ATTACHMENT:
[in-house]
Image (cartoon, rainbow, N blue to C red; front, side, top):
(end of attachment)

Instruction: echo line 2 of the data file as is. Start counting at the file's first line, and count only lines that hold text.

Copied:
Image (cartoon, rainbow, N blue to C red; front, side, top):